developed a tribal youth peer court and the Agave Project focusing on victims services. Devon is also the owner of
Lomayesva Law Corporation, P.C., where she primarily represents the Soboba Band of Luiseno Indians as well as other
Tribes, in her commitment to preserving the rights of Indian Tribes via the practice of Tribal and Federal Indian law.
Devon has held the positions of Executive Director of California Indian Legal Services, In-House Tribal Attorney for the
Iipay Nation of Santa Ysabel, Lecturer at San Diego State University, American Indian Studies Department, and Adjunct
Professor at Palomar College. She has also served a four-year term on the Iipay Nation Tribal Council and numerous
committee positions. Devon is a co-founder of the American Indian Recruitment Programs, established in 1993. This
program is designed to promote positive youth development through education, culture and other positive projects and
events. Devon was appointed to the Tribal Court-State Court Forum in 2017, coming together with tribal and state court
judges to address areas of mutual concern. Devon is a member of the Native American Lawyers Association of San
Diego, the California Indian Law Association, Federal Bar Association and Member of the Santa Ysabel Traditional
Gathering Committee. Devon received her B.A. in History from San Diego State University in 1994 and her J.D. from
California Western School of Law in 1999. Devon and her husband have three children where they live in Valley Center,
Office: on leave of absence during Fall 2022
Hesci! Cass cvhocefkv tos. I was born and raised in San Diego, although I have spent a great deal of my life traveling. I'm NGE Mvskoke/Cherokee and have Irish ancestry. I live for the mountains and backpack/hike as often as possible. I'm an avid gardener and birder, and my three dogs never seem to complain when I drag them along.
I attended Grossmont College and received degrees in the Humanities, English, and Creative Writing. I completed my undergrad here at SDSU for English and American Indian Studies. I recently completed my MA in Rhetoric with an emphasis on the Teaching of Writing. My research focuses on indigenous rhetorics, domestic terrorism & the militia movement, social justice, pop culture studies and queer studies.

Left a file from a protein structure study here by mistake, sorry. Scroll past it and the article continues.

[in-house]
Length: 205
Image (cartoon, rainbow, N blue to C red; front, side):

Jesse Marchese (he/him) is a fourth-year PhD student in the Department of Theatre & Dance, with a specialization in Critical Gender Studies, at UC San Diego. He is a theater writer, scholar, director, dramaturg, and administrator whose research and production work exists at the intersection of queer theory, performance studies, and decolonial studies. His current research project investigates and critiques white gay men's investments in colonialism, white supremacy, imperialism, and extractivism throughout the 20th and 21st centuries. For UC San Diego and the UC-wide Critical Mission Studies project, he recently directed IYA: The Ex’celen Remember by Luis “xago” Juarez and inspired by Louise J. Miranda Ramirez, tribal chairwoman of the Ohlone/Costanoan-Esselen Nation. He is currently co-authoring an article about the process for the upcoming Critical Mission Studies Handbook (UC Press). Jesse received his BA in Theatre Arts at Marymount Manhattan College and his MA in Theatre at CUNY Hunter College, where he was twice awarded with the Vera Mowry Roberts Foundation Fellowship for academic excellence.
Office: Prof. Ortiz holds virtual office hours - please email her to make an appointment
Diana Ortiz has been teaching American Indian Studies and American Studies for 15 years. She recently returned to graduate school to be able to teach U.S. History as well. As an instructor of American Indian Studies/American Studies, she tries to incorporate Native narratives, more comprehensive histories, and accurate information to enlighten and inform teaching and learning about Indigenous people and the United States.
Caitlyn Thompson is a linguist, writer, and lecturer at San Diego State University. She received an M.F.A. in creative writing from San Diego State University, an M.A. in linguistics with a specialization in endangered language documentation and conservation from the University of Hawai’i at Mānoa, and a B.A. in literature with minors in German studies and linguistics from the University of California at Santa Barbara. Her research interests include documenting and revitalizing endangered Native American languages, as well as working with populations whose languages are endangered in order to help them achieve their goals for their languages and communities. Her teaching interests include rhetoric and writing, literature, Native American history, Native American languages, and endangered languages. She is currently working on documenting various endangered Kumeyaay languages.